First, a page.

Learning an object representation that encodes both the object’s own state over time and the interaction with its surroundings is vital to allow reasoning about three key challenges present in end-to-end multiple object tracking (MOT), namely track initiation, termination and occlusion handling. In this section, we demonstrate how such a representation can be acquired and continuously updated through our proposed framework: Multi-Object TRacking using spatial TRansformers and temporal TRansformers – short MO3TR (Fig. 2). We further introduce a training paradigm to learn resolving these three challenges in a joint and completely end-to-end trainable manner. We first present an overview of our framework and introduce the notation used throughout this paper, followed by a detailed introduction of the core components.
3.1 System overview and notation
The goal of tracking multiple objects in a video sequence of frames is to retrieve an overall set of tracks representing the individual trajectories for all uniquely identified objects present in at least one frame. Given the first frame at time , our model tentatively initializes a set of tracks based on all objects identified for this frame. From the next time step onward, the model aims to compute a set of embeddings = representing all objects present in the scene at time (Fig. 2). Taking in the track history from the previous time step, we predict a set of embeddings for the current time step based on the past representations of all objects using temporal attention (Section 3.2). Together with a learnt set of representation queries proposing the initiation of new object tracks, these predicted object representations are processed by our first spatial attention module to reason about the interaction occurring between different objects (Section 3.3). This refined set of intermediate object representations is then passed to the second spatial attention module which takes the interaction between the objects and the scene into account by casting attention over the object embeddings and the visual information of the current frame transformed into its feature map (Section 3.3). This two-step incorporation of spatial information into the embeddings is iteratively performed multiple times over several layers, returning the final set of refined object representations .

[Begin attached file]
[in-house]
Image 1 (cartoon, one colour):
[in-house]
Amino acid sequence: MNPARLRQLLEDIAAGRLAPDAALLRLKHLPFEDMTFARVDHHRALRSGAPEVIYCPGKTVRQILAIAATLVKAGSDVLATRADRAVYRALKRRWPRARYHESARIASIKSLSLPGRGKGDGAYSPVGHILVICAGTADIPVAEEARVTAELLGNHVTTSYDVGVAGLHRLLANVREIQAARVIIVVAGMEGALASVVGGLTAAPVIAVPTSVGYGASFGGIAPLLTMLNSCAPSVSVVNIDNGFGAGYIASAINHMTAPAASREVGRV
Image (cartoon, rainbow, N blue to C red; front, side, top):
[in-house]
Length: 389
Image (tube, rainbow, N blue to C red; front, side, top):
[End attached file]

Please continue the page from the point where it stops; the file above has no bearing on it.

The incorporation of temporal and spatial information into a representative embedding of any object at time
can be summarized as a learnt function of the track history , the learnt set of initiation queries and the encoded image feature map . This function representation demonstrates our main objective to enable the framework to learn the best possible way to relate the visual input to the objects’ internal states, without enforcing overly-restrictive constraints or explicit data association.
The use of the resulting embeddings in our framework is twofold. Tracking results in the form of object-specific class scores and corresponding bounding boxes for the current frame are obtained through simple classification and bounding box regression networks (Fig. 2
). Further, the subset of embeddings yielding a high probability of representing an object present in the current frame () is added to the track history to form the basis for the prediction performed in the next time step. Throughout the entire video sequence, new tracks representing objects that enter the scene are initialized, while previous tracks may be terminated for objects no longer present. This leads to an overall set of tracks for all uniquely identified objects present in at least one frame of the video sequence of length , with their life span indicated by the subscript as initiation (start) and termination (end) time, respectively.
3.2 Learning long-term temporal embeddings
Discerning whether an object is not visible in a given frame due to occlusion or because it is no longer present in the scene is challenging. Considering that visual features extracted during partial or full occlusion are not describing the actual object they aim to represent increases this even further. Humans naturally reach decisions in such scenarios by considering all available information jointly. Analyzing the motion behavior of objects up to that point, we ignore frames with non-helpful information, and predict how and where the object is expected to re-appear in the current frame. Intuitively, MO3TR follows a similar approach.